Impact of language and culture on French contributions to the Drupal open source project


Drupal (, the open source content management system (CMS), has grown from a college student's message board project into an internationally recognized open source project used to power such websites as and The project currently boasts over one million users, and almost 30,000 contributors to Drupal 8, the upcoming major release1. A 2011 blog post published by Dries Buytaert, the creator of Drupal, shows the number of commits (i.e. submissions of code to the website) rising from a handful in 2001 to almost 20,000 per month in June 2011. The number of users committing code to Drupal each month has also risen, from just one committer in 2001 to over 1,000 per month in 2011 (Buytaert, 2011). Drupal usage statistics have seen a similar spike; a conservative estimate of sites using Drupal shows a jump from just under 358,500 in 2010 to 947,151 in December 2013 (“Drupal Core Project Usage,” n.d.).

While the Drupal project has shown impressive growth, the continued success of the project depends on significant contributions of time, documentation and code from developers, designers and technical writers from around the world. In particular, several important additions to the Drupal project—including the Field API, which allows content types to have customized fields attached to them, Commerce, which allows Drupal sites to include full e-commerce shopping carts, and Symfony, an open-source PHP framework that will included as a major component of Drupal 8, were all created by French contributors. Despite these impressive contributions, French citizens who want to contribute their time to Drupal face several challenges; not only does Drupal contribution require large amounts of time and energy, the majority of the work done for the Drupal project—from documentation to issue tracking to the code itself—is done exclusively in English.

The purpose of this paper is to examine how French language, culture, and work attitudes influence the way that Drupal contribution happens in France. Specifically, this paper seeks to answer the following research questions:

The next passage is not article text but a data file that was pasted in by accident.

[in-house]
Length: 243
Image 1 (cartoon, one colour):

1. How does Drupal's use of English as a common development and documentation language impact the willingness of non-native English speakers to contribute code and documentation?
  2. How does France’s Loi Toubon impact innovation by French developers within Drupal?
  3. How does the French attitude towards work and personal/family time impact time spent on contributing to Drupal?
  4. What lessons can American managers learn about working with French colleagues? How can Drupal encourage more cross-cultural collaboration with the French?

The focus of this research borrows from the literature on open source contributors, as well as literature on cross-functional, globally distributed teams. In addition to these sources, it borrows heavily from Hofstede’s framework of cultural dimensions (G. Hofstede, Hofstede, & Minkov, 1991), as well as sources specific to French language, politics and culture. Information pertaining to Drupal was taken from several official project websites, including (the official home of the Drupal project), (home of all Drupal project translations), and (home of the French Drupal Association). Additionally, interviews were conducted over Skype with four high-volume French Drupal contributors, to gain a first-hand perspective from the French Drupal community.


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